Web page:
Campaign strategists in both parties have never hesitated to use scare tactics. In 1964, a Lyndon Johnson commercial called "Daisy" juxtaposed footage of a little girl plucking a flower with footage of an atomic blast. In 1984, Ronald Reagan ran a spot that played on Cold War panic, in which the Soviet threat was symbolized by a grizzly lumbering across a stark landscape as a human heart pounds faster and faster and an off-screen voice warns, "There is a bear in the woods!" In 2004, Bush sparked furor for running a fear-mongering ad that used wolves gathering in the woods as symbols for terrorists plotting against America. And last fall, Congressional Republicans drew fire with an ad that featured bin Laden and other terrorists threatening Americans; over the sound of a ticking clock, a voice warned, "These are the stakes."

"At least some of the President's support is the result of constant and relentless reminders of death, some of which is just what's happening in the world, but much of which is carefully cultivated and calculated as an electoral strategy," says Solomon. "In politics these days, there's a dose of reason, and there's a dose of irrationality driven by psychological terror that may very well be swinging elections."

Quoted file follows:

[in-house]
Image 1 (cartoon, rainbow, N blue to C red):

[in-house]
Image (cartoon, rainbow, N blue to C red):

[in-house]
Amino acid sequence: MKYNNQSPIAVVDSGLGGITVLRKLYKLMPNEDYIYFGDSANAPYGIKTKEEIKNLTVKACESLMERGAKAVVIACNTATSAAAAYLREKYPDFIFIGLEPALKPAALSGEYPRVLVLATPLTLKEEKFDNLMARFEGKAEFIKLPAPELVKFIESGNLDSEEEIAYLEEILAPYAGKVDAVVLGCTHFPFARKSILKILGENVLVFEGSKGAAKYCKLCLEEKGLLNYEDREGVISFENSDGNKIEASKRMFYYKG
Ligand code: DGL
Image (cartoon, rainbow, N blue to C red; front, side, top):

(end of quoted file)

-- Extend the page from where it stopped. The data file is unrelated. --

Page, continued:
As intelligent adults, do we need fear to guide our decisions? Of course we don't, and we will usually make better decisions in the absence of this emotion:

"People have two modes of thought," concludes Solomon. "There's the intuitive gut-level mode, which is what most of us are in most of the time. And then there's a rational analytic mode, which takes effort and attention."

The solution, then, is remarkably simple. The effects of psychological terror on political decision making can be eliminated just by asking people to think rationally. Simply reminding us to use our heads, it turns out, can be enough to make us do it.

Now comes the part where self-righteous Steve takes over for a minute. We have some elections coming up, and the politics of fear has already raised its ugly head. Not from Republicans mind you, from our own party. Let me tell you what I think of this: